That's the reason why the American aftermarket parts industry came to the rescue: up to now, the "tacti-cool" American gun owners were able to custom-modify their AK with a plethora of accessories including scope mounts, tactical stocks and pistol grips, railed forends, and so on; now, American and international gun owners − and professional operators as well − will also be able to purchase and operate an adaptor to use AR15-type magazines on their AK-style rifles.
US-based TexasAK Designs offers just one of the many "AK to AR" magazine well adapters available out there... but among others, this is particularlly well-made, and has a peculiarity that makes it stand out: ad ambidextrous/double-sided magazine release button.
Technically speaking, this is a short device machined out of lightweight aluminium alloy, whose top portion is modeled just in the shape of the upper part of a typical AK magazine. As such, installation follows the standard AK magazine insertion procedure: it just needs to be inserted in the magazine well, front portion first, then rotating it upwards. That's done: no pins, no soldering, no... nothing. Just slab it in and forget it.
Of course, the adaptor is hollow, and will perfectly fit a STANAG 4179 (AR-15 type) magazine. Once it's inserted in the standard magazine well of your .223/5.56mm caliber AK/AKM variant, you will be able to use STANAG magazines simply by slabbing them in just like you'd do on an AR-15 rifle or carbine; the lower portion of the magazine is beveled to ease the insertion, and there are two magazine ejection buttons, located on both sides, so that it's easy and quick to operate for both right-handed and left-handed shooters.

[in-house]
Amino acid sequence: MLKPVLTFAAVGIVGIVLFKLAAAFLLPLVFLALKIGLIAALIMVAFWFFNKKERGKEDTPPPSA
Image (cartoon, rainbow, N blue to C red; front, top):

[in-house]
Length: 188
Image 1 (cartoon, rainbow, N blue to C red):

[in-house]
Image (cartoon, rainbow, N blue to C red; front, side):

Installation is completely reversible, and non-permanent: by pushing the original flat magazine release lever of the rifle, located in front of the trigger guard, the adapter will be removed should the shooter revert to the use of the original proprietarymagazines.
We tested it on a Beryl "Archer" .223 Remington semi-automatic rifle, manufactured in Poland, and we found that it poses no problem whatsoever when it comes to feeding reliability. If you have a .223/5.56mm-chambered AK variant and a shortage of proprietary magazines, but on the other hand you have plentiful of AR-15 mags, this may just be the tool for you!
The TexasAK Designs adapter, just like many other adapters, is already available on the civilian market in several Countries in Europe, and in the United States as well. Price will vary from Country to Country; street price around Europe will generally top a little bit over 90.00€, while in the United States it goes for around 100.00US$. Perspective buyers may contact their local gun stores or distributors for information about specific availability and prices in their specific area.